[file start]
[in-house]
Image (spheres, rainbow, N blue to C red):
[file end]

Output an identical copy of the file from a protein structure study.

[in-house]
Image (spheres, rainbow, N blue to C red):